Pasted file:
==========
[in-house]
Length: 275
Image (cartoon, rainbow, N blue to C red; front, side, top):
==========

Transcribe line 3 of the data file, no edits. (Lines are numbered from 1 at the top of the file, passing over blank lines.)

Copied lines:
Image (cartoon, rainbow, N blue to C red; front, side, top):